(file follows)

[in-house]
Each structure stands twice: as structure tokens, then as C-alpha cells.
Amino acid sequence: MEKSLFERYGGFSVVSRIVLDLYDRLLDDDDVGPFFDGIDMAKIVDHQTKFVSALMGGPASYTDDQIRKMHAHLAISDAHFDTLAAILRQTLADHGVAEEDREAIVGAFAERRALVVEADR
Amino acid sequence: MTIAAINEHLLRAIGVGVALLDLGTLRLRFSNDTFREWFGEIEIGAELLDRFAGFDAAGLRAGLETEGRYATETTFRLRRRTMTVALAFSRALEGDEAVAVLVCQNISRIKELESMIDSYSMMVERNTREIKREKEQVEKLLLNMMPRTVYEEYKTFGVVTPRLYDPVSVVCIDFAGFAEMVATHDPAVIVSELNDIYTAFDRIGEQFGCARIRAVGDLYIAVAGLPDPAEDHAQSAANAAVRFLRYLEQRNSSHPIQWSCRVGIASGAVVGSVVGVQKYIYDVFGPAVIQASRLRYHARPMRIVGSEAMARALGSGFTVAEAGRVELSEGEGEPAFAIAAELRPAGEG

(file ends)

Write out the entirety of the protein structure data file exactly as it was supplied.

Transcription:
[in-house]
Each structure stands twice: as structure tokens, then as C-alpha cells.
Amino acid sequence: MEKSLFERYGGFSVVSRIVLDLYDRLLDDDDVGPFFDGIDMAKIVDHQTKFVSALMGGPASYTDDQIRKMHAHLAISDAHFDTLAAILRQTLADHGVAEEDREAIVGAFAERRALVVEADR
Amino acid sequence: MTIAAINEHLLRAIGVGVALLDLGTLRLRFSNDTFREWFGEIEIGAELLDRFAGFDAAGLRAGLETEGRYATETTFRLRRRTMTVALAFSRALEGDEAVAVLVCQNISRIKELESMIDSYSMMVERNTREIKREKEQVEKLLLNMMPRTVYEEYKTFGVVTPRLYDPVSVVCIDFAGFAEMVATHDPAVIVSELNDIYTAFDRIGEQFGCARIRAVGDLYIAVAGLPDPAEDHAQSAANAAVRFLRYLEQRNSSHPIQWSCRVGIASGAVVGSVVGVQKYIYDVFGPAVIQASRLRYHARPMRIVGSEAMARALGSGFTVAEAGRVELSEGEGEPAFAIAAELRPAGEG